- The Washington Times - Wednesday, March 10, 2010

MIAMI | Culinary student Solomon Nerio could be slaving away on the line in any Miami restaurant, chopping onions with a dozen other chefs. Instead, he took to the road in a food truck that serves Latin-influenced burgers and tacos.

It’s a career path mostly unavailable to young chefs not so long ago. But the recent popularity of food trucks like the shiny black one where Mr. Nerio interns (called “the latin burger and taco truck”) has opened new avenues for those looking to break out earlier rather than later in their careers.

“One thing that we’re doing is we’re giving these kids a lot of responsibility and ownership at the beginning,” said the truck’s proprietor, Ingrid Hoffman, who also stars in the Food Network’s “Simply Delicioso.”

“For me, I don’t need to be the star,” she said of her truck business. “It doesn’t even carry my name. I don’t want it to. It’s about these guys.”

Miss Hoffman said she offers truck internships to encourage up-and-comers like Mr. Nerio to “dig into their skills.”

Mr. Nerio, a 20-year-old sophomore at Johnson & Wales University, said he can see himself running a food truck of his own one day.

“It’s an opportunity you wouldn’t really expect to fall in your lap,” he said, calling the internship an adventure since he receives immediate feedback from customers. At a conventional restaurant, a young cook could work for years in anonymity before getting that sort of spotlight treatment.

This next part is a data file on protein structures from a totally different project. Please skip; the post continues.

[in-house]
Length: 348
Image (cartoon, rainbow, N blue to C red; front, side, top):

Mr. Nerio is one of five culinary students making burgers and three types of tacos on the truck.

Another Miami-based chef said the work is a good fit for students. Known as Chef Jeremiah, he said he plans to hire students for his Gastropod, a 1962 Airstream, once he expands.

“I think it’s a smart way to go because students are easy to mold,” he said.

There is no count of food trucks operating nationally, but a recent fascination with street and other ethnic foods — as well as savvy new media marketing by some trucks — has helped their number and popularity soar.

Still, culinary educators don’t see this new career path changing course offerings quite yet.

“I don’t see us running a course on how to run a successful food truck,” said Brad Barnes of the Culinary Institute of America. “All in all, it’s not that terribly different from anything else that takes place in our industry.”

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